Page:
You can also click here to view a selection of my jazz portraits featuring our local band, Bob Thomas and the Thomcats.

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Visitors can visit the artist’s village and his Art & Verse on the brand new Lemsford Village Website. Simply click here.

Hushed Lemsford

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Sheer good fortune took me to New Orleans and The Palm Court Jazz Cafe on Decatur Street in April, 2010, to revel in a virtuoso performance by legendary music man and trumpeter, Dave Bartholomew, song writer of “Let the Good Times Roll”. Eighty nine years young and with an untouchable legacy, nowadays Dave picks and chooses his appearances with great discernment. One of New Orleans’ greatest, multi talented stars, during his partnership with Fats Domino he wrote and produced a series of unforgettable numbers including “Ain’t that a Shame” and “Blueberry Hill”. He went on to write over 4,000 songs, two of which, “One Night” and “Witchcraft”, were hits for Elvis Presley.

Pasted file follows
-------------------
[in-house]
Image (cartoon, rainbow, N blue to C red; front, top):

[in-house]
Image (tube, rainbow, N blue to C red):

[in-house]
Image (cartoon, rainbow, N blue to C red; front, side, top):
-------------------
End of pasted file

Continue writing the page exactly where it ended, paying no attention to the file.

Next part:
What better inspiration for my latest Art&Verse jazz portrait and poem, prints of which are available for sale on my Art & Verse website.


Let the Good Times Roll!

Hail Dave Bartholomew
Song writer supreme
To whom honour is due
For his Big Band Beat
And Rhythm and Blues dream.
“Ain’t that a Shame!”
Added to his fame,
So surely “Let the Good Times Roll!”